Estimate volumes of objects in liters and milliliters by comparing to benchmark objects.
Solve real-world problems involving mass in kilograms and grams, and volume in liters.
Measure the area of a rectangle using unit squares.
Find the area of a figure by counting unit squares.
Find the area of a rectangle by tiling and by multiplying the side lengths.
Interpret y = mx + b as a linear function.
Find the area of a rectangle by multiplying the length and width.
Find the area of a rectangle by dividing it into two smaller rectangles.
Find area by decomposing composite shapes into rectangles and adding the areas.
Find perimeter by counting units and by adding lengths. Measure to find the perimeter. Select appropriate label for measurement.
Find area by counting units. Multiply to find area. Select appropriate labels of measurement.
Compare perimeter and area.
Display and interpret data in pictographs.
Display and interpret data in vertical and horizontal bar graphs.
Display and interpret data in tables including tally, data, and frequency tables.
Display and interpret data in frequency tables using two attributes.
Determine the certainty, likelihood, and fairness of events.
Determine and list all the possible outcomes of an event.
Use Polya’s four-step method to solve two-step word problems using the four operations. Represent these problems using equations with a letter standing for the unknown.
Solve two-step word problems using the four operations. Assess the reasonableness of answers using mental computation and estimation strategies including rounding.

3rd Grade Language Arts Scope & Sequence

The student will demonstrate knowledge by determining the meaning of synonyms from grade level appropriate vocabulary, by correctly choosing a given word or phrase that means the same thing, in reading.
The student will demonstrate knowledge by determining the meaning of antonyms from grade level appropriate vocabulary, by correctly choosing a given word or phrase that means the opposite, in reading.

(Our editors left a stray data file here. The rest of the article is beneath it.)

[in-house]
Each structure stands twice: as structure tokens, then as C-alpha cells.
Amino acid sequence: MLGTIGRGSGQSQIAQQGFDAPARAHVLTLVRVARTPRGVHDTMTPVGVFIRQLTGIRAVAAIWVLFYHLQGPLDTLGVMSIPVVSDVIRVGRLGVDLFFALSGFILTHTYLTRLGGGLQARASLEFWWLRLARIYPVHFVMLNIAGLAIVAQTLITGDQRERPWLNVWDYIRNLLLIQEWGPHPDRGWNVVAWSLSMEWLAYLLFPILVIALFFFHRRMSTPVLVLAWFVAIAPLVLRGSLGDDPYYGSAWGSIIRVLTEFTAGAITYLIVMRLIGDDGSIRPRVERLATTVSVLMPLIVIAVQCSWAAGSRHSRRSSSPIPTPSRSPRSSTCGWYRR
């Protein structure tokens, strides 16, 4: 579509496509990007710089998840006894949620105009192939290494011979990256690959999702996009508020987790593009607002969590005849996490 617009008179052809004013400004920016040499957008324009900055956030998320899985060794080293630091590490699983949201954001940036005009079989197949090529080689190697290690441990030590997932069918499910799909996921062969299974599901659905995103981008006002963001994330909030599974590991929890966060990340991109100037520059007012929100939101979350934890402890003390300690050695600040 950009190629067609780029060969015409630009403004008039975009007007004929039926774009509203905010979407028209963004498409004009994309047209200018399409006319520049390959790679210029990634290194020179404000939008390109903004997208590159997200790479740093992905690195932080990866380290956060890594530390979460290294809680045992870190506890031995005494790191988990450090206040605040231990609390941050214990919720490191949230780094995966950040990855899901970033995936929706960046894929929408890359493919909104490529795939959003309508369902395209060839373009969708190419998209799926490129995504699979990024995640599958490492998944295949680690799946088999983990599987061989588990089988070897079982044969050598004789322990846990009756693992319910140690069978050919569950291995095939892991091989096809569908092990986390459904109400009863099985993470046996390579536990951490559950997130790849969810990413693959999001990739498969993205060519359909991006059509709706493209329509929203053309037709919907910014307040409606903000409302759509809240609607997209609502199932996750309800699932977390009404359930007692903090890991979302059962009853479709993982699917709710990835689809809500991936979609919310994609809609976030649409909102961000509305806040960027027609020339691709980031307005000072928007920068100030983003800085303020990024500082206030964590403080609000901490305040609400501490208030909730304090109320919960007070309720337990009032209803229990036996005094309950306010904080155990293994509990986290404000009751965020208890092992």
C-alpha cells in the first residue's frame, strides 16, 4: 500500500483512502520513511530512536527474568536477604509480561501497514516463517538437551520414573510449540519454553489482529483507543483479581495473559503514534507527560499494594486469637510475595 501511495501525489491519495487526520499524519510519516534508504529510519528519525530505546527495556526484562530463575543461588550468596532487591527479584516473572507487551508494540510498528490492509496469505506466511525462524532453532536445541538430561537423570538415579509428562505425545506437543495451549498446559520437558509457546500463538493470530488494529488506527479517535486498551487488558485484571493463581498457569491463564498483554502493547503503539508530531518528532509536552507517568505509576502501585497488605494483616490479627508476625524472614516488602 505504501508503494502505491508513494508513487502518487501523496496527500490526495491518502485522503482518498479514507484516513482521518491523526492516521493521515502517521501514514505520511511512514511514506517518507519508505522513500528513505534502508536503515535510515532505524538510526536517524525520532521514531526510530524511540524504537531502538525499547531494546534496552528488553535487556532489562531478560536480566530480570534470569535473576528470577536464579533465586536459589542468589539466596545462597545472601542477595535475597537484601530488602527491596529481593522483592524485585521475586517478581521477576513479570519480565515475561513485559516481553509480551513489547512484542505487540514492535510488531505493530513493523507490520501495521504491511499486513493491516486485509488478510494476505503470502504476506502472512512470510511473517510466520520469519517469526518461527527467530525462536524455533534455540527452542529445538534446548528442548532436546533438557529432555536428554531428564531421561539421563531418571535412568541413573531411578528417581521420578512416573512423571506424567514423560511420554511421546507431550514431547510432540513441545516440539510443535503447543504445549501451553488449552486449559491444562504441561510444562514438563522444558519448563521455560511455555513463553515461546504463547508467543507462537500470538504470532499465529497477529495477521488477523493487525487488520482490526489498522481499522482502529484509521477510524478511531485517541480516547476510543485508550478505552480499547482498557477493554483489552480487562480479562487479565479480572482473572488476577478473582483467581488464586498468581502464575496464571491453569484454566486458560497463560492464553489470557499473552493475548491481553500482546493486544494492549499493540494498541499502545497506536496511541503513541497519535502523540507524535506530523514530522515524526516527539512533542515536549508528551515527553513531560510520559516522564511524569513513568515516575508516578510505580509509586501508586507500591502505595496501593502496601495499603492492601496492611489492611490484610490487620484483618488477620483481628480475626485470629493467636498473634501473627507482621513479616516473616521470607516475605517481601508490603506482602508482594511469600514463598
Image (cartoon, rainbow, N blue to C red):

The student will be able to analyze and determine the correct meaning of a word, based on the prefix of the root word or how the prefix is used in the context of a passage.
The student will be able to analyze and determine the correct meaning of a word, based on the suffix of the root word or how the suffix is used in the context of a passage.
The student will be able to identify and select the appropriate homophone or word that sounds the same, based on the context of a passage which fits the best meaning of the given word or phrase.
The student will be able to identify and analyze the author’s use of idioms, based on the context of a passage and how these expressions are used in literal and interpretative information.
Use the reading comprehension process skills of summarizing, predicting, visualizing, questioning, and clarifying with extensive scaffolding and support, through think aloud prompts.
Use the reading comprehension process skills of summarizing, predicting, visualizing, questioning, and clarifying with scaffolding and support, through think aloud prompts.
Use the reading comprehension process skills of summarizing, predicting, visualizing, questioning, and clarifying to independently read and comprehend texts with minimal think aloud support.
Use knowledge, information, and ideas from literary or expository texts to make inferences about the text (e.g., make inferences, draw conclusions, make generalizations, and infer sequence of events.
Identify the main idea(s) or theme(s), distinguishing them/it from supporting details in a literary text.
Develop summaries or paraphrase information from literary or expository text containing context clues.
Identify characters and compare and contrast characters within a literary text.
Identify and describe the setting(s) in a literary text